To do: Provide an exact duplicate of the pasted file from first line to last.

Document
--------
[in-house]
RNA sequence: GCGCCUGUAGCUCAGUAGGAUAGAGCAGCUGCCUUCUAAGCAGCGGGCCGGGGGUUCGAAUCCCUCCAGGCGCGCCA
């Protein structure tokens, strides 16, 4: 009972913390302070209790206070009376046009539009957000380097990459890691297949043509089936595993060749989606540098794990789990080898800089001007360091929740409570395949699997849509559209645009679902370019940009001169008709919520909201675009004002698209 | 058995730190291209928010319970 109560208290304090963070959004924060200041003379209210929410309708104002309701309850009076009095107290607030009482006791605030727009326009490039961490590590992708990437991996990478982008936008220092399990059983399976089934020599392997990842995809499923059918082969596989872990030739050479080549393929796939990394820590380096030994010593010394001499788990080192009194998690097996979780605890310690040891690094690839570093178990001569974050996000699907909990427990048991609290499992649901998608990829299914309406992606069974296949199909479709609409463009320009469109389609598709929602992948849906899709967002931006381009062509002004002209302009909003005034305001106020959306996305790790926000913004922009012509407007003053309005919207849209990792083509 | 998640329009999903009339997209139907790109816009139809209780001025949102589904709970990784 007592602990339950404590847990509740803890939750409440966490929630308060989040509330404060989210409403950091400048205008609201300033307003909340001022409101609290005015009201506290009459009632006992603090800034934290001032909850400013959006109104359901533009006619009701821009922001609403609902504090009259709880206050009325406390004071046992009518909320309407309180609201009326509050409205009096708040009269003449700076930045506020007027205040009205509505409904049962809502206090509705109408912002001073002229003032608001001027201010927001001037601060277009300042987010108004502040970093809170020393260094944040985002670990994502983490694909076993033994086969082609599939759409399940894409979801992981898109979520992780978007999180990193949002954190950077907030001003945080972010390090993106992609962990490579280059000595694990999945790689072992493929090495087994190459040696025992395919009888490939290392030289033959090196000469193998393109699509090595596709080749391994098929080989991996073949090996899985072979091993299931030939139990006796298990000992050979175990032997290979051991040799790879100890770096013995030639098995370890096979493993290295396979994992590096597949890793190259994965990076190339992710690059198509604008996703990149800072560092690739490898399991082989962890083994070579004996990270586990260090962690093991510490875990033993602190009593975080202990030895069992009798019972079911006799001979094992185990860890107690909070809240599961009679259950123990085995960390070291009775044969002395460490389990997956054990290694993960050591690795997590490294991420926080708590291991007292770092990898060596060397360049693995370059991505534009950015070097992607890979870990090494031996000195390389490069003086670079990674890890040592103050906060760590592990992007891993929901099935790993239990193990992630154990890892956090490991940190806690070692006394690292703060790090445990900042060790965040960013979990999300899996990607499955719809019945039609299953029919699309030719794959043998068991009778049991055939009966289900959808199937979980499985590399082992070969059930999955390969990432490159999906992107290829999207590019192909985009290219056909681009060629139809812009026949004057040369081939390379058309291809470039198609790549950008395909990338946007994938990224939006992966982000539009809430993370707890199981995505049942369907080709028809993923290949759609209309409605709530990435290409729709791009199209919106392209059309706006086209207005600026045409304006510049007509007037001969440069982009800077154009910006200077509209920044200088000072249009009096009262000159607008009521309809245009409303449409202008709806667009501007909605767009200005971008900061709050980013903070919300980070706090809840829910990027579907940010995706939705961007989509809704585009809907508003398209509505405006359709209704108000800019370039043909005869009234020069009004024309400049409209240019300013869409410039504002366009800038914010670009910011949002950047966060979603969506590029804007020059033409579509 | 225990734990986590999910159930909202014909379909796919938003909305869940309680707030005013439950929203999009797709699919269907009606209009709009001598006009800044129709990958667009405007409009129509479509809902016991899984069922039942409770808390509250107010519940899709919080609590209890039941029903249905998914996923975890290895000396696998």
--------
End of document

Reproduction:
[in-house]
RNA sequence: GCGCCUGUAGCUCAGUAGGAUAGAGCAGCUGCCUUCUAAGCAGCGGGCCGGGGGUUCGAAUCCCUCCAGGCGCGCCA
């Protein structure tokens, strides 16, 4: 009972913390302070209790206070009376046009539009957000380097990459890691297949043509089936595993060749989606540098794990789990080898800089001007360091929740409570395949699997849509559209645009679902370019940009001169008709919520909201675009004002698209 | 058995730190291209928010319970 109560208290304090963070959004924060200041003379209210929410309708104002309701309850009076009095107290607030009482006791605030727009326009490039961490590590992708990437991996990478982008936008220092399990059983399976089934020599392997990842995809499923059918082969596989872990030739050479080549393929796939990394820590380096030994010593010394001499788990080192009194998690097996979780605890310690040891690094690839570093178990001569974050996000699907909990427990048991609290499992649901998608990829299914309406992606069974296949199909479709609409463009320009469109389609598709929602992948849906899709967002931006381009062509002004002209302009909003005034305001106020959306996305790790926000913004922009012509407007003053309005919207849209990792083509 | 998640329009999903009339997209139907790109816009139809209780001025949102589904709970990784 007592602990339950404590847990509740803890939750409440966490929630308060989040509330404060989210409403950091400048205008609201300033307003909340001022409101609290005015009201506290009459009632006992603090800034934290001032909850400013959006109104359901533009006619009701821009922001609403609902504090009259709880206050009325406390004071046992009518909320309407309180609201009326509050409205009096708040009269003449700076930045506020007027205040009205509505409904049962809502206090509705109408912002001073002229003032608001001027201010927001001037601060277009300042987010108004502040970093809170020393260094944040985002670990994502983490694909076993033994086969082609599939759409399940894409979801992981898109979520992780978007999180990193949002954190950077907030001003945080972010390090993106992609962990490579280059000595694990999945790689072992493929090495087994190459040696025992395919009888490939290392030289033959090196000469193998393109699509090595596709080749391994098929080989991996073949090996899985072979091993299931030939139990006796298990000992050979175990032997290979051991040799790879100890770096013995030639098995370890096979493993290295396979994992590096597949890793190259994965990076190339992710690059198509604008996703990149800072560092690739490898399991082989962890083994070579004996990270586990260090962690093991510490875990033993602190009593975080202990030895069992009798019972079911006799001979094992185990860890107690909070809240599961009679259950123990085995960390070291009775044969002395460490389990997956054990290694993960050591690795997590490294991420926080708590291991007292770092990898060596060397360049693995370059991505534009950015070097992607890979870990090494031996000195390389490069003086670079990674890890040592103050906060760590592990992007891993929901099935790993239990193990992630154990890892956090490991940190806690070692006394690292703060790090445990900042060790965040960013979990999300899996990607499955719809019945039609299953029919699309030719794959043998068991009778049991055939009966289900959808199937979980499985590399082992070969059930999955390969990432490159999906992107290829999207590019192909985009290219056909681009060629139809812009026949004057040369081939390379058309291809470039198609790549950008395909990338946007994938990224939006992966982000539009809430993370707890199981995505049942369907080709028809993923290949759609209309409605709530990435290409729709791009199209919106392209059309706006086209207005600026045409304006510049007509007037001969440069982009800077154009910006200077509209920044200088000072249009009096009262000159607008009521309809245009409303449409202008709806667009501007909605767009200005971008900061709050980013903070919300980070706090809840829910990027579907940010995706939705961007989509809704585009809907508003398209509505405006359709209704108000800019370039043909005869009234020069009004024309400049409209240019300013869409410039504002366009800038914010670009910011949002950047966060979603969506590029804007020059033409579509 | 225990734990986590999910159930909202014909379909796919938003909305869940309680707030005013439950929203999009797709699919269907009606209009709009001598006009800044129709990958667009405007409009129509479509809902016991899984069922039942409770808390509250107010519940899709919080609590209890039941029903249905998914996923975890290895000396696998």